New York theater lovers are luckier than most. We have regular access to amazingly gifted actors, directors and designers. When a show is a hit somewhere else, it usually makes its way here, often with its stars. But what we don't always get to see are the often-equally talented people who do most of their work in cities outside of New York. And it's even rarer that we get a whole cast of them appearing in a show that was a bonafide hit in another part of the country. That's what makes the Steppenwolf Theatre Company’s production of August: Osage County so wonderful.
People lined up in Chicago last summer to see Tracy Letts's three-act play about a large dysfunctional Oklahoma family. The production dominated the Joseph Jefferson Awards that honor theater in Chicago, winning best play, best director, best actress in a drama, and three other categories including best ensemble (click here to read a wonderful cast blog about the making of the Chicago production). Now, nearly all of the original 13-member cast, sensationally directed by Anna D. Shapiro, are recreating their roles in the production that opened last night at the Imperial Theatre on Broadway. And they're all terrific. But the most terrific is Deanna Dunagan, who plays the clan's pill-popping, sharp-tongued matriarch (she's the one wearing the pearls and seated at the head of the table in the photo above).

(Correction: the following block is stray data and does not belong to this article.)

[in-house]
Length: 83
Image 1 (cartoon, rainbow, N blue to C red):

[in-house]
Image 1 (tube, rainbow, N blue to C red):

Steppenwolf actors aren't total strangers to New York; many of the cast members' Playbill bios lists credits for Broadway and off-Broadway shows and even for the various “Law & Order” TV series that are the bread and butter jobs for New York actors. But Dunagan seems to have done most of her work in what we New Yorkers call the hinterlands—in Chicago, where she's won three Joseph Jefferson Awards including one for August: Osage County, in Madison, Wisconsin and Louisville, Kentucky and Washington D.C. I don't know what took her so long to get to New York but I’m mighty glad she came.
In fact, my friend Ellie, the erstwhile actor and current poetry professor, and I were pretty pleased about the whole evening. I'd worried beforehand about how I would respond to the show because I'd gone into it with such high expectations. Other friends who'd managed to see previews before the stagehands' strike shut down Broadway told me it was not to be missed. Even some people I'd just met at a party over the weekend started singing its praises. I usually find that few shows can live up to that kind of build up. And I also worried about making it through the show's three hour and 20 minute running time. (There are two intermissions and so many people were late getting back to their seats after the first one at the performance Ellie and I attended that the actors had to add some pauses to their dialog so that important lines wouldn’t be missed while the latecomers settled back into their seats.) But after a first act that struck me as a trifle twee, I had a great time. It’s been a while since I’ve laughed out loud as much as I did watching August: Osage County.